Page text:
For sheer flower power, annuals are hard to beat. Because they have to complete their entire life cycle in one growing season, which is the technical definition of the term annual, these plants work fast. They go from seed or seedling to full-grown plant, bursting with flowers, in short order, delivering color when and where you need it. This post can help you choose and place annuals in your garden. It also fills you in on their basic care requirements so you can get the most out of them. Gardening with annuals, more than ever, is easy and rewarding.
Finding flowers that fit your garden
Modern-day annuals are impressive indeed. They’ve been bred to produce abundant flowers and lush foliage throughout the heart of the growing season. They rush to flowering because their means of reproduction is by seed. And to get there, the flowers must come first. This great output guarantees bountiful garden color and also makes most annuals great for bouquets. By the time fall comes and seeds form (if they do, before frost), the plants are spent and die. By then, though, you should certainly have gotten your money’s worth! Annuals are very gracious guests.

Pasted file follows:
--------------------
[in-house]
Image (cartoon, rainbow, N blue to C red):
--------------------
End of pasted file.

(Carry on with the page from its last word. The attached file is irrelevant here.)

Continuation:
Not surprisingly, a huge range of annuals is on the market, and more annuals arrive every year so you can choose from many different annuals no matter where you live, no matter what growing conditions your garden offers. The variety of annuals allows you to find countless plants that are specific to warm or cool weather.
Some like it hot: Warm weather annuals
Lots of annuals thrive in hot summer weather, tolerating even periods of prolonged drought in style. Many annuals have this preference because they are originated from warm zones, tropical climates with long growing seasons. All plant breeders did was capitalize on or preserve these qualities while improving the plants’ appearance or expanding the color range. Some warm-weather annuals are actually perennials in some regions but are used as annuals in other areas because they’re not hardy there (they don’t survive the winter). For instance, snapdragon can be a perennial in the South but is used as an annual farther north. Some tropical plants are also commonly used for temporary display. Examples of favorite warm-weather annuals include impatiens, Madagascar periwinkle and marigolds.